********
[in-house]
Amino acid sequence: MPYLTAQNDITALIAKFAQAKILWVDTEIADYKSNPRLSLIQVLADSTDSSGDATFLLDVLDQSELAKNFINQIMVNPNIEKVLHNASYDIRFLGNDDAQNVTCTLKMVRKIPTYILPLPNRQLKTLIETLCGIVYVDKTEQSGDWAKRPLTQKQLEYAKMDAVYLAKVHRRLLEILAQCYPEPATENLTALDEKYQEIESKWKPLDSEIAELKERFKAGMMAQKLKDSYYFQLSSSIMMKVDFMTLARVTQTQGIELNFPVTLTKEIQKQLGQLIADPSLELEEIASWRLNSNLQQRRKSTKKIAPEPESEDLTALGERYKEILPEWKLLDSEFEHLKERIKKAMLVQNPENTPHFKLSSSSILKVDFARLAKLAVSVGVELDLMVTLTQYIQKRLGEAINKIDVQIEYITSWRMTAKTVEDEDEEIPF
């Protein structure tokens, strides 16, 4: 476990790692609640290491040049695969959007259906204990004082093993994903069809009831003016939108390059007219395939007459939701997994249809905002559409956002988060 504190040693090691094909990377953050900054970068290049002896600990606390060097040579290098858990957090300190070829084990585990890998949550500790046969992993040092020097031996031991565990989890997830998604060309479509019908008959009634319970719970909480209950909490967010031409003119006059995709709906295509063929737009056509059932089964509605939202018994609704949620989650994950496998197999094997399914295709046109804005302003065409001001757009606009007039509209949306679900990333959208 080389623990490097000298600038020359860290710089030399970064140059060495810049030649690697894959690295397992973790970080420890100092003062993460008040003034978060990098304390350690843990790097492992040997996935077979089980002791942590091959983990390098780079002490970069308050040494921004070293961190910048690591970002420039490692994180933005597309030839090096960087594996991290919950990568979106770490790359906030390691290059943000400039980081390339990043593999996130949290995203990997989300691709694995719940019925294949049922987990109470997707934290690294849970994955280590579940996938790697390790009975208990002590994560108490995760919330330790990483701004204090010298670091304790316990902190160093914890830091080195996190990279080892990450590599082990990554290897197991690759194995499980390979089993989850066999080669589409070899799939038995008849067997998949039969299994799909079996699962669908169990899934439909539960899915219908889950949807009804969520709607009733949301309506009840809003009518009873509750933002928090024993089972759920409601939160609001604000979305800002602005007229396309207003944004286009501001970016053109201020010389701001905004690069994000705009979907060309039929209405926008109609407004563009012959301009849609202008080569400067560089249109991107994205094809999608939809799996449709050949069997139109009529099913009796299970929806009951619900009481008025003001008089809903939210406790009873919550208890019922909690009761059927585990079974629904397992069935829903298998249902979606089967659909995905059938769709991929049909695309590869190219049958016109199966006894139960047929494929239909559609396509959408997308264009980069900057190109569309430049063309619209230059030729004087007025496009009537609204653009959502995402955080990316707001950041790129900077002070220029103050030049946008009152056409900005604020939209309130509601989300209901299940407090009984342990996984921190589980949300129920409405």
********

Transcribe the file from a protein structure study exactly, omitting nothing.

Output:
[in-house]
Amino acid sequence: MPYLTAQNDITALIAKFAQAKILWVDTEIADYKSNPRLSLIQVLADSTDSSGDATFLLDVLDQSELAKNFINQIMVNPNIEKVLHNASYDIRFLGNDDAQNVTCTLKMVRKIPTYILPLPNRQLKTLIETLCGIVYVDKTEQSGDWAKRPLTQKQLEYAKMDAVYLAKVHRRLLEILAQCYPEPATENLTALDEKYQEIESKWKPLDSEIAELKERFKAGMMAQKLKDSYYFQLSSSIMMKVDFMTLARVTQTQGIELNFPVTLTKEIQKQLGQLIADPSLELEEIASWRLNSNLQQRRKSTKKIAPEPESEDLTALGERYKEILPEWKLLDSEFEHLKERIKKAMLVQNPENTPHFKLSSSSILKVDFARLAKLAVSVGVELDLMVTLTQYIQKRLGEAINKIDVQIEYITSWRMTAKTVEDEDEEIPF
């Protein structure tokens, strides 16, 4: 476990790692609640290491040049695969959007259906204990004082093993994903069809009831003016939108390059007219395939007459939701997994249809905002559409956002988060 504190040693090691094909990377953050900054970068290049002896600990606390060097040579290098858990957090300190070829084990585990890998949550500790046969992993040092020097031996031991565990989890997830998604060309479509019908008959009634319970719970909480209950909490967010031409003119006059995709709906295509063929737009056509059932089964509605939202018994609704949620989650994950496998197999094997399914295709046109804005302003065409001001757009606009007039509209949306679900990333959208 080389623990490097000298600038020359860290710089030399970064140059060495810049030649690697894959690295397992973790970080420890100092003062993460008040003034978060990098304390350690843990790097492992040997996935077979089980002791942590091959983990390098780079002490970069308050040494921004070293961190910048690591970002420039490692994180933005597309030839090096960087594996991290919950990568979106770490790359906030390691290059943000400039980081390339990043593999996130949290995203990997989300691709694995719940019925294949049922987990109470997707934290690294849970994955280590579940996938790697390790009975208990002590994560108490995760919330330790990483701004204090010298670091304790316990902190160093914890830091080195996190990279080892990450590599082990990554290897197991690759194995499980390979089993989850066999080669589409070899799939038995008849067997998949039969299994799909079996699962669908169990899934439909539960899915219908889950949807009804969520709607009733949301309506009840809003009518009873509750933002928090024993089972759920409601939160609001604000979305800002602005007229396309207003944004286009501001970016053109201020010389701001905004690069994000705009979907060309039929209405926008109609407004563009012959301009849609202008080569400067560089249109991107994205094809999608939809799996449709050949069997139109009529099913009796299970929806009951619900009481008025003001008089809903939210406790009873919550208890019922909690009761059927585990079974629904397992069935829903298998249902979606089967659909995905059938769709991929049909695309590869190219049958016109199966006894139960047929494929239909559609396509959408997308264009980069900057190109569309430049063309619209230059030729004087007025496009009537609204653009959502995402955080990316707001950041790129900077002070220029103050030049946008009152056409900005604020939209309130509601989300209901299940407090009984342990996984921190589980949300129920409405």